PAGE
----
Former Wachovia Financial Advisor – Lazaro E. Salado – Pleads guilty to Bank Fraud – what was his motivation?

July 13, 2011

Since every choice has a consequence – the consequences of Lazaro Salado’s fraud will be significant and impactful.  The prison sentence that he will receive will be life changing and the restitution that follows may be impossible.  But at a deeper level the question might be what motivated his behavior?

Former Wachovia financial advisor, Lazaro E. Salado, 42, of Palmetto Bay, Florida, pled guilty to a Criminal Information charging him with one count of bank fraud for stealing client funds.

According to the Criminal Information, Salado was a financial advisor at Wachovia in Miami, Florida, responsible for assisting clients in investments and financial planning. From February 2004 to May 2009, Salado stole more than $1.45 million from five of his clients at Wachovia by causing checks to be issued on client accounts, without the knowledge or authorization of these clients, for payment to a bank account controlled by Salado. Salado concealed the fraud by providing false and fraudulent statement to clients and also by transferring money between client accounts through unauthorized wire transfers.

As part of the plea agreement announced in court today, Salado agreed to make mandatory restitution of $1,457,309 to Wachovia (now Wells Fargo).

Sentencing is scheduled for September 14, 2011 before U.S. District Judge Marcia G. Cooke. Salado faces a maximum statutory sentence of up to 30 years in prison, a fine of up to $1,000,000, and restitution.

QUESTIONS: 

In any fraud there are three components that come together:  (1) Need; (2) Opportunity and (3) Rationalization.  While it might seem obvious that Salado had a need for money (since that is what he stole) – the bigger question might be – FOR WHAT?  Did his lifestyle reflect the use of the stolen money?  Should have it been noticeable by his co-workers?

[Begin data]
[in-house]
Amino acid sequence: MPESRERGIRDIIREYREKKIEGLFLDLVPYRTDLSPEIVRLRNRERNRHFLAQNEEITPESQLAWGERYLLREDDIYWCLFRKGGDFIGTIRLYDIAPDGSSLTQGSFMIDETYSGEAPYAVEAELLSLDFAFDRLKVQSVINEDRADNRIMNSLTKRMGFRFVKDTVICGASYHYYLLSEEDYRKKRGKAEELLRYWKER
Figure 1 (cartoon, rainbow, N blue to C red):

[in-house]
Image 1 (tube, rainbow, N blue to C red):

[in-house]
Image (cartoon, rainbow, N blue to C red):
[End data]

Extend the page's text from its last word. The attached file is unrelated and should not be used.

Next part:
He had opportunity through Wachovia – yet the question looms – where did the internal controls fail that allowed Salado to embezzle such large sums of money?  Surely the systems were in place to detect activity like this that took place over 5 years.

Lastly, wonder what was in Salado’s mind that allowed him to rationalize his behavior?

If you know Lazaro Salado and/or have any insight into these or other questions that may arise feel free to comment.

YOUR COMMENTS ARE WELCOME!

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Wachovia Pays $125 Million to End Federal Investigation for Telemarketer Fraud!

May 1, 2008

The Wachovia Corporation, the banking giant, has agreed to pay an estimated $144 million to settle federal accusations that it failed to block telemarketers who took advantage of thousands of elderly bank customers.

The federal Office of the Comptroller of the Currency said Friday that Wachovia, which is based in Charlotte, N.C., had improper relationships with four telemarketers and payment processors who maintained their accounts at the bank. The marketers obtained customers’ bank account information while selling vouchers for discount travel and groceries and other products.

The bank has not admitted any wrongdoing, but will pay up to $125 million in claims, $8.9 million toward consumer education programs and a $10 million fine.

According to the Charlotte Bizjournal: “According to documents obtained by the newspaper, other banks alerted Charlotte-based Wachovia about the activities. However, the Times says, internal memos show Wachovia continued to provide services to companies that helped take as much as $400 million from unauthorized accounts.”

“This situation was unacceptable and we regret it happened, ” a Wachovia spokeswoman, Christy Phillips-Brown, said. “We will work diligently to provide restitution to consumers affected by the situation and to educate consumers.”